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Latest Testing effect Stories

2011-06-20 13:40:47

Picture a menacing drill sergeant, a gory slaughterhouse, a devastating scene of a natural disaster. Researchers at Washington University in St. Louis have found that viewing such emotion-laden images immediately after taking a test actually enhances people's retention of the tested material. The data the researchers gathered in recent studies are the first to show that negative arousal following successful retrieval of information enhances later recall of that information. The finding is...

2011-06-16 12:43:00

"We've known for over 100 years that testing is good for memory," says Kent State University psychology graduate student Kalif Vaughn. Psychologists have proven in a myriad of experiments that "retrieval practice""”correctly producing a studied item"”increases the likelihood that you'll get it right the next time. "But we didn't know why." In the past, many researchers have believed that testing is good for memory, but only for the exact thing you are trying to remember: so-called...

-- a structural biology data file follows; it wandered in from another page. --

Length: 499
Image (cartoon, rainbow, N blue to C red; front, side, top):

2011-02-10 13:43:33

Last week, the Orlando Sentinel newspaper reported that Palm Beach County, Fla., law enforcement is working to develop a consistent set of rules for eyewitnesses, hoping it will help prevent false convictions. And a new Iowa State University study published in the Journal of Experimental Psychology finds that there may be good reason to question the recall of some eyewitnesses. The study summarizes two experiments conducted by Jason Chan, an ISU assistant professor of psychology; and Moses...


Word of the Day
attercop
  • A spider.
  • Figuratively, a peevish, testy, ill-natured person.
'Attercop' comes from the Old English 'atorcoppe,' where 'atter' means 'poison, venom' and‎ 'cop' means 'spider.' 'Coppa' is a derivative of 'cop,' top, summit, round head, or 'copp,' cup, vessel, which refers to 'the supposed venomous properties of spiders,' says the OED. 'Copp' is still found in the word 'cobweb.'
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